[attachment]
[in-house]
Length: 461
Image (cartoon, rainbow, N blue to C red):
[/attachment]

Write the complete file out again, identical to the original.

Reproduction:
[in-house]
Length: 461
Image (cartoon, rainbow, N blue to C red):